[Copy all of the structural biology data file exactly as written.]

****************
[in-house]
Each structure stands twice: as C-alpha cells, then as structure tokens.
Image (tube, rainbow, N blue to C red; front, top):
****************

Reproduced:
[in-house]
Each structure stands twice: as C-alpha cells, then as structure tokens.
Image (tube, rainbow, N blue to C red; front, top):